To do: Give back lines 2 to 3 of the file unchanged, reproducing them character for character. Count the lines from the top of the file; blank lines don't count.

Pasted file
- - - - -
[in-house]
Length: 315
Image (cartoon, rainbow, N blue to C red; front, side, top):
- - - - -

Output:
Length: 315
Image (cartoon, rainbow, N blue to C red; front, side, top):